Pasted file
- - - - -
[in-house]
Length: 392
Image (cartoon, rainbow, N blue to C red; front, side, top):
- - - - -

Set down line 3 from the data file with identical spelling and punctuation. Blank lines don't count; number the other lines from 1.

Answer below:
Image (cartoon, rainbow, N blue to C red; front, side, top):